The spice rack of a chef is just as important as a tool as their knives, ovens, and recipes. It is how they create the flavors that inspire them, whether is it traditional French cuisine or a Thai-Mexican fusion sushi restaurant. It is how they make the basic building blocks of meals, like vegetables and proteins, and give them a little pop. A signature flair. Since bay leaves and garlic powder don't blend well into cocktails, bar tenders have to reach for a different tool. They reach for bitters.
Bitters have been around since ancient times, as various civilizations extracted the flavors from herbs and spices into liquids to be used for medicine. The use of them as a flavoring did not become popular until the 18th century, when people realized they could add it to liquor for no other reason than to just enjoy it. This was known as Canary wine, and grew in popularity until Prohibition wiped out any enjoyment people were getting out of cocktails. When bartenders were using it, it was sparingly; a few dashes in any cocktail was more than enough to bring out some flavors.
This makes the amount of bitters used in the Seelbach cocktail a shock. It was created at the Seelbach hotel in Louisville, KY in 1917. There is one story that states a bar man at the time caught the overflow of champagne into a bourbon cocktail, but the actual origin of the drink is lost in lore. The cocktail itself was also lost when Prohibition slammed the bar doors shut. It did not see the light of day until Adam Seger, the restaurant director at the Seelbach (Haigh, Vintage Spirits and Forgotten Cocktails, p 254) rediscovered it in 1995 and brought it back to the menu of the bar. He published the recipe a few years after its Resurrection. Bourbon (Old Forester if you are shooting for authenticity) and champagne make up the bulk of the cocktail. The amount of bitters, normally something used to add or enhance flavor, is eye popping.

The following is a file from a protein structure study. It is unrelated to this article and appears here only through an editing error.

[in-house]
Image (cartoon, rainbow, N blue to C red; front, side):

The Seelbach (From Vintage Spirits and Forgotten Cocktails)
1 oz./ 30 mL bourbon
.5 oz./ 15 mL orange liqueur
7 dashes Angostura bitters
7 dashes Peychaud's Bitters
5 oz./ 150 mL sparkling wine
Glass: Champagne flute
Garnish: Orange twist
Pour the ingredients, minus the champagne, into the champagne flute and stir well. Top off with the sparkling wine, then stir gently.
While the amount of bitters may be shocking in the cocktail, it all holds up incredibly well. Fourteen dashes is a goodly amount, but the bourbon and sparkling wine hold their own. The sparking wine was not overly assertive, adding more of a sweetening agent and some fizz more than anything else. When I think of this drink, I also think a little bit about the Negroni. It is also a cocktail with many assertive flavors that all play nicely together when added in the same glass. It is definitely a cocktail to add to the repertoire of tricks you have when a celebration is at hand.